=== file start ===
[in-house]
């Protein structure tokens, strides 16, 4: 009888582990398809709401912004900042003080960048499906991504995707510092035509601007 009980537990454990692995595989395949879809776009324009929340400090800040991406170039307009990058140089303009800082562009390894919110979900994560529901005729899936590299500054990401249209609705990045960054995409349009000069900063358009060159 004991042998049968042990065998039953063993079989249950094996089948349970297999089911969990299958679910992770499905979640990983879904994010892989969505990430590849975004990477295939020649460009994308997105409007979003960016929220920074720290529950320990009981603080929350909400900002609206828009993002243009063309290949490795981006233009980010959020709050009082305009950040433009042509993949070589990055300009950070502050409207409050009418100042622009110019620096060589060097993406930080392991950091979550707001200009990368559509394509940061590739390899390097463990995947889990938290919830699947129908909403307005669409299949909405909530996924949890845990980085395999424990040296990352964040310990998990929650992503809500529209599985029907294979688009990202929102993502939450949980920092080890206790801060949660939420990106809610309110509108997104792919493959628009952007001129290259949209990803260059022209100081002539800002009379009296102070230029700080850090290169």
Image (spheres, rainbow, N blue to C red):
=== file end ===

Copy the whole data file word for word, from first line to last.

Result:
[in-house]
């Protein structure tokens, strides 16, 4: 009888582990398809709401912004900042003080960048499906991504995707510092035509601007 009980537990454990692995595989395949879809776009324009929340400090800040991406170039307009990058140089303009800082562009390894919110979900994560529901005729899936590299500054990401249209609705990045960054995409349009000069900063358009060159 004991042998049968042990065998039953063993079989249950094996089948349970297999089911969990299958679910992770499905979640990983879904994010892989969505990430590849975004990477295939020649460009994308997105409007979003960016929220920074720290529950320990009981603080929350909400900002609206828009993002243009063309290949490795981006233009980010959020709050009082305009950040433009042509993949070589990055300009950070502050409207409050009418100042622009110019620096060589060097993406930080392991950091979550707001200009990368559509394509940061590739390899390097463990995947889990938290919830699947129908909403307005669409299949909405909530996924949890845990980085395999424990040296990352964040310990998990929650992503809500529209599985029907294979688009990202929102993502939450949980920092080890206790801060949660939420990106809610309110509108997104792919493959628009952007001129290259949209990803260059022209100081002539800002009379009296102070230029700080850090290169």
Image (spheres, rainbow, N blue to C red):